1. The time when there is no risk of the ESS interest being forfeited and there are no restrictions on selling the shares.
  2. Where the interests are rights (options), usually the point when the employee exercises those rights and there is no risk that they can forfeit the share and no restriction stopping them from selling that share. 
  3. When the employee ceases employment with the employer who provided the ESS.
  4. 15 years after the acquisition of the ESS interests.

However, if an ESS interest is disposed of within 30 days of the deferred taxing point, then the date of the disposal becomes the taxing point instead.

For example:

Max’s taxing point occurs on 1 March 2020, when he exercises his rights and acquires shares at a $100,000 discount compared to market value. 

On 15 March 2020 Max decided to sell those shares. By this time the market has dropped and he sells his shares for only $80,000 more than he paid for them.

If he was required to include the discount at the point of acquiring the shares he would have to declare the $100,000 discount as  income in his tax return and then declare a capital loss of $20,000 from the sale 15 days later. 

However, because he has sold them within 30 days of the deferred taxing point, he will only need to include the $80,000 discount that applied at the time of sale. 

However, if Max hangs on beyond the 30 day window and the share price drops he will get a capital loss but will be stuck paying income tax on the higher value.

Capital Gains Tax

Deferred Taxing Schemes

An ESS interest that is acquired under a deferred taxing scheme is taken to have been “re-acquired” immediately after the deferred taxing point.

For example:

Wilma is issued with options to acquire shares in her employer’s company on 1 January 2018.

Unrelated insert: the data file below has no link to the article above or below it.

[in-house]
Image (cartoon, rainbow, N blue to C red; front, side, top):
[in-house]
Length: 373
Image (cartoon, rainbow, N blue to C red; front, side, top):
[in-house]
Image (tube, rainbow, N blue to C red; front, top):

On 1 May 2020 Wilma exercised those options and acquired shares with a market value of $500,000. She only paid $300,000 for the shares, which means she included $200,000 of assessable income in her 2020 tax return for the discount realised at her deferred taxing point. 

On 1 December 2020 Wilma sells those shares for $600,000.

The $500,000 market value is her cost base, which means she has realised a $100,000 capital gain. 

Since 1 May 2020 is the acquisition date, she has not held the shares for over 12 months and is unable to apply the 50% CGT discount to that $100,000 gain. This means she will need to declare $100,000 in capital gains in her 2020 tax return. 

Forfeiture or Loss of ESS Interests

If an ESS interest is forfeited or lost then there are provisions to ensure that a person is not stuck with a tax bill, however the rules are highly technical and if you are in this position you should seek further tax advice. but they do not necessarily operate as some people may expect.

Being Prepared with ESS Interests

Managing your tax in relation to ESS interests can become complex and can result in cash flow difficulties.

Understanding and accessing any eligible tax concessions can also help reduce the tax burden. For instance, there can be significant tax incentives for early stage investors.

Because ESS discounts are a tax assessable benefit that is provided in the form of discounts on acquiring shares in the employer company, there is no cash income seen by the employee at the time the income becomes assessable to them. 

Since ESS discounts can see individual taxpayers with hundreds of thousands of dollars in assessable income, it is important that the taxing points are adequately prepared and planned for. 

In the event of termination of employment, this can be a double edged sword. 

Since employment termination is one of the triggers for determining the deferred taxing point, and loss of employment can also mean loss of income, some taxpayers can find themselves being assessed for high levels of tax, with low levels of cash to cover their tax requirements.

It is important to talk to your tax and finance specialists when receiving ESS interests, so you can be aware of contingencies and make necessary plans for tax and cashflow considerations.